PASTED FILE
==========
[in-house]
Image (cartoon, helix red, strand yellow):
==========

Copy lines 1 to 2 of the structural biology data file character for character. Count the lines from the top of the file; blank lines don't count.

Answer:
[in-house]
Image (cartoon, helix red, strand yellow):